February 9, 2022 - This budget post describes the Governor’s 2022-23 budget proposals for the Office of Planning and Research and provides comments and recommendations to the Legislature.
February 15, 2018 - In this report, we first provide background on online education at the California Community Colleges (CCC), California State University (CSU), and University of California (UC). We then describe the Governor’s proposal to create a new intersegmental online program, assess that proposal, and make an associated recommendation.
June 14, 2010 - Recently, there has been significant legislative and public interest in the state’s Every Woman Counts (EWC) program for breast cancer early detection. We provide background on the EWC program and other state breast cancer programs and describe the recent history of the program, including caseload and funding trends and recent program changes. We also recommend the Legislature adopt a modified version of the Governor’s May Revision cost containment proposals, consider redirecting existing funding for research to direct clinical services, and improve transparency and oversight by requiring the administration to prepare a formal budget estimate for the EWC program.
May 10, 2022 - The Office of Planning and Research (OPR) is tasked by state law to support statewide planning and research activities. Among its many activities, the office has overseen certain higher education initiatives. This post analyzes three higher education OPR proposals in the Governor’s January budget for 2022‑23 related to the California Education Learning Laboratory, the Golden State Awards, and Carnegie Science.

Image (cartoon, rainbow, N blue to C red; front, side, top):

February 5, 2021 - This publication provides detailed information and our initial comments on each component of the Governor's 2021-22 package of proposals—totaling $1 billion—to reduce the risk of severe and damaging wildfires. (See also our publication The 2021-22 Budget: Wildfire Resilience Package for an overview of and our initial comments on the package.)
March 1, 2018 - Proposition 55 (2016) aimed to increase funding for Medi-Cal under a formula administered by the Department of Finance. In 2018-19, the first year of implementation of this calculation, the administration’s interpretations and estimates result in no additional funds to Medi-Cal. Two key choices lead to this result. First, the administration’s decision to subtract $3.5 billion from available revenues to account for its proposed optional reserve deposit significantly reduces the calculation’s starting point, eliminating a surplus that would have directed funds to Medi-Cal. Second, the administration’s workload budget approach is based on a broad definition of currently authorized services, which also has the effect of reducing the amount of potential funds for Medi-Cal under the measure. Different decisions about these two features of the measure could result in more or less funding for Medi-Cal by hundreds of millions—or even billions—of dollars in the future.